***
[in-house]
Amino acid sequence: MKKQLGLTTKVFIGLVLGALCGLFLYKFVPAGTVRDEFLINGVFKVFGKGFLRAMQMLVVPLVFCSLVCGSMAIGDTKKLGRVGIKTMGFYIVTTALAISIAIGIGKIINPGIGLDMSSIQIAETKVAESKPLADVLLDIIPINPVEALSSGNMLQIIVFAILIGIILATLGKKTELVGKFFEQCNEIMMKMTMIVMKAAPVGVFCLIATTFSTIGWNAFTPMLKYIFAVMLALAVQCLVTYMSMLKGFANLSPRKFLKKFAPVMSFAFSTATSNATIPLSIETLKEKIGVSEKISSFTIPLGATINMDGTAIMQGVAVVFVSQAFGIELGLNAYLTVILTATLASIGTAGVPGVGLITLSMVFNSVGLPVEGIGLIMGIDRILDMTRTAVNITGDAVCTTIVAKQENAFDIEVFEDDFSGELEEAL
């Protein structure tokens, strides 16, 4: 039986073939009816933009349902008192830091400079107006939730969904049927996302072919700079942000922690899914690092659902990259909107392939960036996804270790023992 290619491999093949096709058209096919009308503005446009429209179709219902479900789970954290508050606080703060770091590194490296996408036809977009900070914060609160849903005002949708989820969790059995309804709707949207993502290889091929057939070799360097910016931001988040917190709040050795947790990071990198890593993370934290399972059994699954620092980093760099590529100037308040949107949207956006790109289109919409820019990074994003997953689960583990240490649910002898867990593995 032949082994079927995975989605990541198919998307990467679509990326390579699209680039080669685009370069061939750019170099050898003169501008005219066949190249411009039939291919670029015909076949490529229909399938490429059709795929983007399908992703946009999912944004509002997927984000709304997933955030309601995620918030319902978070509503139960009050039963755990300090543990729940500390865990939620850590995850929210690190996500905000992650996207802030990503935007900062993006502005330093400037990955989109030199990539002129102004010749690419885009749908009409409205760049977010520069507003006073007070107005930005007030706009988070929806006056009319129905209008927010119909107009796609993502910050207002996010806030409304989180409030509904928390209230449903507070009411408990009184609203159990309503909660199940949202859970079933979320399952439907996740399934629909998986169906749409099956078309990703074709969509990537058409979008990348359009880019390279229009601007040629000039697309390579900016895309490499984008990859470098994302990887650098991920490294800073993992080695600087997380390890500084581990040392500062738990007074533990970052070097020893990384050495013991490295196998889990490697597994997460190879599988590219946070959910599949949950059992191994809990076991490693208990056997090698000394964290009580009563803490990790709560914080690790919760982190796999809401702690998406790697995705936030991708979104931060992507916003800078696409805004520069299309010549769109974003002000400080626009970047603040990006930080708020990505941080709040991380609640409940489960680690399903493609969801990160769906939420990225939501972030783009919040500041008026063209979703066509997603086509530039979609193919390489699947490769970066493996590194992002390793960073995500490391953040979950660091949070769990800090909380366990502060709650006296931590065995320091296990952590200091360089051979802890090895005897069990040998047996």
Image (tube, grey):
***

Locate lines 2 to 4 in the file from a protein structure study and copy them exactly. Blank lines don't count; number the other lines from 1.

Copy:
Amino acid sequence: MKKQLGLTTKVFIGLVLGALCGLFLYKFVPAGTVRDEFLINGVFKVFGKGFLRAMQMLVVPLVFCSLVCGSMAIGDTKKLGRVGIKTMGFYIVTTALAISIAIGIGKIINPGIGLDMSSIQIAETKVAESKPLADVLLDIIPINPVEALSSGNMLQIIVFAILIGIILATLGKKTELVGKFFEQCNEIMMKMTMIVMKAAPVGVFCLIATTFSTIGWNAFTPMLKYIFAVMLALAVQCLVTYMSMLKGFANLSPRKFLKKFAPVMSFAFSTATSNATIPLSIETLKEKIGVSEKISSFTIPLGATINMDGTAIMQGVAVVFVSQAFGIELGLNAYLTVILTATLASIGTAGVPGVGLITLSMVFNSVGLPVEGIGLIMGIDRILDMTRTAVNITGDAVCTTIVAKQENAFDIEVFEDDFSGELEEAL
């Protein structure tokens, strides 16, 4: 039986073939009816933009349902008192830091400079107006939730969904049927996302072919700079942000922690899914690092659902990259909107392939960036996804270790023992 290619491999093949096709058209096919009308503005446009429209179709219902479900789970954290508050606080703060770091590194490296996408036809977009900070914060609160849903005002949708989820969790059995309804709707949207993502290889091929057939070799360097910016931001988040917190709040050795947790990071990198890593993370934290399972059994699954620092980093760099590529100037308040949107949207956006790109289109919409820019990074994003997953689960583990240490649910002898867990593995 032949082994079927995975989605990541198919998307990467679509990326390579699209680039080669685009370069061939750019170099050898003169501008005219066949190249411009039939291919670029015909076949490529229909399938490429059709795929983007399908992703946009999912944004509002997927984000709304997933955030309601995620918030319902978070509503139960009050039963755990300090543990729940500390865990939620850590995850929210690190996500905000992650996207802030990503935007900062993006502005330093400037990955989109030199990539002129102004010749690419885009749908009409409205760049977010520069507003006073007070107005930005007030706009988070929806006056009319129905209008927010119909107009796609993502910050207002996010806030409304989180409030509904928390209230449903507070009411408990009184609203159990309503909660199940949202859970079933979320399952439907996740399934629909998986169906749409099956078309990703074709969509990537058409979008990348359009880019390279229009601007040629000039697309390579900016895309490499984008990859470098994302990887650098991920490294800073993992080695600087997380390890500084581990040392500062738990007074533990970052070097020893990384050495013991490295196998889990490697597994997460190879599988590219946070959910599949949950059992191994809990076991490693208990056997090698000394964290009580009563803490990790709560914080690790919760982190796999809401702690998406790697995705936030991708979104931060992507916003800078696409805004520069299309010549769109974003002000400080626009970047603040990006930080708020990505941080709040991380609640409940489960680690399903493609969801990160769906939420990225939501972030783009919040500041008026063209979703066509997603086509530039979609193919390489699947490769970066493996590194992002390793960073995500490391953040979950660091949070769990800090909380366990502060709650006296931590065995320091296990952590200091360089051979802890090895005897069990040998047996």
Image (tube, grey):